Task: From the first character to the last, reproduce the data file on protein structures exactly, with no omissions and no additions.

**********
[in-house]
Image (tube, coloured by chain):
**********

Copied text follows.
[in-house]
Image (tube, coloured by chain):